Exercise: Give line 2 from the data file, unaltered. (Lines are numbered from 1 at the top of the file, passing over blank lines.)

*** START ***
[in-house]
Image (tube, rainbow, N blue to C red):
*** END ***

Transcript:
Image (tube, rainbow, N blue to C red):